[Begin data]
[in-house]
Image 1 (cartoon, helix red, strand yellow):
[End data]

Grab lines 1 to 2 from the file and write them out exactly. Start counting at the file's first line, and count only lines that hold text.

[in-house]
Image 1 (cartoon, helix red, strand yellow):